Rapid City Report: What Does Green Mean?

By Deborah Fallows
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Adoba Hotel

By Deborah Fallows, from Rapid City, S.D.

In late 2009, my husband and I returned from more than 3 years of living in China. I quickly realized that we had missed some shifts in American culture, language, and trends.  One of those was the meaning and ubiquity of the word "green."

In American vernacular, the use of green, previously familiar, had exploded. Everyone was saying "green"; everything was labeled "green".  I was having trouble getting a clear, native-speaker sense of its new boundaries of meaning.

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I knew, of course, that green referred to being ecologically-minded or environmentally-aware.  But the word had acquired some new semantic qualities; it was positive and admirable, even cool. Green could describe many things, like clothing or more vaguely, living. There didn't seem to be an antonym. I felt favorably inclined toward "green", but I feared that its cavalier use would wear out the word. Indeed, eco may already be the new green.

I finally, unexpectedly, got a grip on the meaning of green when I spoke with Sacha Merali, the renovation manager of the Adoba hotel, sometimes known as the Adoba Eco hotel, in Rapid City, South Dakota (previously discussed here)The Adoba was number 5 in our growing list of hotels where we've stayed in the last 2 weeks, as we begin our adventure of crisscrossing the country by small plane.

We had started with a bear-themed hotel in Holland, Michigan (left); moved on to Holland's first LEED-certified hotel; "lived" for almost a week in the extended-stay Staybridge Suites in Sioux Falls; tried the historic 1928 Alex Johnson hotel in Rapid City; and then found ourselves in the Adoba.

The Adoba, built more than 30 years ago, had a bumpy history of bankruptcies before it was bought by its current owners in 1995. The Merali family, whose forbears were from India, came from the Congo, via Belgium,  England, Canada, and several spots in the US before landing in Rapid City.

Sacha Merali (right), third generation and now in his 20s, has been leading the drive to build the Adoba into a LEED-certified hotel. I asked Sacha to walk me through a room to show me what "green" means in a hotel. 

We started with the door: The original door and hardware were preserved, but the door was wrapped in an architectural film for a new look. Next came the entry area flooring and room carpet. The entry floor was constructed of floating laminate planks, which were made from crushed paper and grooved to eliminate need for glue, as shown below. Sacha said that the border between the plank surface and the carpet, just visible at the bottom of the picture below, subtly signaled guests to take off shoes, and many ended up doing so.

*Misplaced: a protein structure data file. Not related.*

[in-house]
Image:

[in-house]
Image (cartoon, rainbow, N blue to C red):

Adoba Hotel

 

I had meant to spend only a few minutes on this tour -- we were on our way out of town -- but it turned into one of the moments in which someone is so engrossed in the details of his work that you can't help being interested too. And, as part of the repeated payoff of the travel, I was getting this introduction to the practicalities of eco-construction not in Berkeley or Cambridge but in the western plains.

The carpet is composed of individual tiles, which show up as tan and dark brown in the photo above; the tiles are made from recycled natural grass, stone, and fibers from other carpets. The carpet backing is made from sugar, salt, sand, and rubber. If carpet tiles get soiled or stained, they can be replaced one by one. When the carpet wears out, the Meralis can sell the tiles to a recycler, who will remake them into new carpet tiles and maybe even sell them back to the Meralis.

Sacha Merali is as passionate about functionality and user experience as he is about green efforts. The desk in our room, which was laid out like the one below, was a long, sleek 10 foot stretch with plenty of outlets, no marketing clutter, and a tray for water and glasses that was itself made from a recycled metal road sign. Above the full length of the desk is a custom mural, depicting a local map with iconic sites and meant to give guests a sense of where they are.  It is drawn with soy ink on washable, wipeable canvas. My husband and I worked side-by-side at the desk without crowding each other.